An NBC News article about the mistakes women make concerning Social Security makes it seem as if applying for benefits as soon as you are eligible at 62 is an error. No matter what advice you read here or elsewhere, when it it comes to Social Security benefits, the important thing is to know what some of your options are. You don’t have to automatically apply at the age of 62; you also don’t have to wait until you are 70 or beyond because you’ll get more. You need to figure out what will work best for you in your particular situation. Consulting with a Fee-Only financial advisor can help you make a decision about when to apply for Social Security.
Overall, women tend to live longer and are more likely to run out of income than men. And you may be aware of some of the factors that contribute to why an older woman may run out of income including lower wages and dropping out of the workforce to care for family. And of course, some women can’t afford to wait and the article points out that the decreased benefits may account for why more women over 65 live in poverty than men.
If retirement is far off, see what you can do to maximize earnings, savings, and investment income so you are not in a position where you must rely solely on Social Security for income in your golden years.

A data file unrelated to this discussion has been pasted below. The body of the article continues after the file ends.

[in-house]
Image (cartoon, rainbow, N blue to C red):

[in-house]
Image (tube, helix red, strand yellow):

Married women can get spousal benefits but what some may not realize is that filing at 62 means you get a decreased benefit whether you take your spouse’s benefits or your own:
“At full retirement age, a woman would be eligible for either her own full benefit or half of her spouse’s, whichever is larger. But if she files at 62, she would only be eligible for her reduced benefit or as little as 32.5 percent of her partner’s.”
Some married women opt to have their spouse claim Social Security first and then claim their spousal benefit while continuing to work until reaching full retirement age. And divorcees can claim spousal social security benefits if they meet certain requirements including having been married for at least 10 years.